Do you know someone who tends to take every little thing you say personally and holds a long-term grudge against you? What do you think the problem is? Is it the offense itself or could it possibly be the personality of the offended? Sometimes it's both. The negative effects of living with a rageful, angry, selfish, and domineering person can be significant. The emotional, psychological, and physiological effects can also be great. A raging personality can also turn into a calm and polite personality depending on the situation. This is what keeps everyone confused and unassuming. For many people living with this type of personality, they often wish others could truly see the truth. It is certainly not easy to live with or cope with this type of personality and emotional lability. This article will discuss how to cope with this type of personality and what tools you can use as your best weapon of defense.
Have you ever heard of the term transference? Do you know what it means? Would you know you are experiencing it if you came across someone who reminded you of someone else? When I ask these questions during my group seminars for parents I often get blank stares. Those blank stares typically occur because the parents either don't know what transference is, have never heard of it before, or has little insight into if and when it is happening. This article (and video) will discuss the topic of transference and broach the topic of transference you may be experiencing with your very own therapist.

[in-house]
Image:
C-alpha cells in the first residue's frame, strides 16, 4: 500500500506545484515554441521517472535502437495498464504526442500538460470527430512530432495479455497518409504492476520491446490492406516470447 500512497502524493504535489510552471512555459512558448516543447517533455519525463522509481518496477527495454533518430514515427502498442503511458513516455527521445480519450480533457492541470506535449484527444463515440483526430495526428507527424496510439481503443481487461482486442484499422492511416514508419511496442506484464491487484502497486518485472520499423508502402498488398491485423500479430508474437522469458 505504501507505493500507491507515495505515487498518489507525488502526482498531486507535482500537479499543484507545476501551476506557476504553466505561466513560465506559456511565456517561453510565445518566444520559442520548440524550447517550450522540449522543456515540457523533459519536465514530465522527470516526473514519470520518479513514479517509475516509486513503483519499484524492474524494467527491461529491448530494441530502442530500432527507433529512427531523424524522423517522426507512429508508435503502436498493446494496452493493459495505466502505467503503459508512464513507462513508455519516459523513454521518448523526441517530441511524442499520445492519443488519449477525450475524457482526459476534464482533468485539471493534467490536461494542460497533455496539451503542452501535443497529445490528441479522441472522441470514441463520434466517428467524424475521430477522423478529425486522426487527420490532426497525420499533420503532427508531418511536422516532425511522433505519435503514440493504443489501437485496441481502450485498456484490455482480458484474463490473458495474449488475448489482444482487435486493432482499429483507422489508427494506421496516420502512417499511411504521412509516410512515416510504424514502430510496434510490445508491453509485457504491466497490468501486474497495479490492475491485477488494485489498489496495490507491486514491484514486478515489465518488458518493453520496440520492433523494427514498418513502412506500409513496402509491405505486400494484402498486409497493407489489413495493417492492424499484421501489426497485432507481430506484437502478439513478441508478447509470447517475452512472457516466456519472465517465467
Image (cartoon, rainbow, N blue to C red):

What do you know about trauma? What makes a traumatic situation traumatic? Emotional and psychological trauma affects about 26% of the child US population. About 60% of adults report experiencing trauma in some form as a child. When speaking with families who have experienced trauma, I often explain it to be an event or circumstance that negatively affects an individual who does not have the appropriate coping skills/tools to overcome the trauma. Trauma can result from any circumstance that outweighs your ability to cope. Simply put, the event is terrifying, unnerving, and unexpected. This article will discuss 11 situations we often don't realize are very traumatizing for a lot of people.
Control. Have you ever experienced it at the hands of someone close to you? What about with a spouse, colleague, a boss, a friend, or a family member? Sometimes you may even be controlled by a neighbor! Control is a powerful word. It is a powerful force within the human race. It denotes a power to dictate, influence, maneuver, or direct. If you look up the term "control," it is synonymous with intimidating words including: sway, authority, jurisdiction, command, dominance, mastery, sovereignty, supremacy, or ascendancy. These words are certainly intimidating to say the least, especially if you feel you are being controlled by someone unnecessarily. This article will discuss 9 signs of emotional and psychological control and ways to overcome it.
Do you know what compassion fatigue is? If yes, where did you hear the term? What do you think the term means? For many people who work in the helping profession as well as social service jobs like policing or FBI work compassion fatigue is likely to occur at some point in their lives. For those, such as myself, who work in the helping profession, compassion fatigue might also accompany burn-out. It isn't surprising that some individuals who care for the well-being of family members who have medical or mental health conditions also experience compassion fatigue and burn-out. In this article, I will be discussing compassion fatigue and burnout as both of these terms tend to mean different things.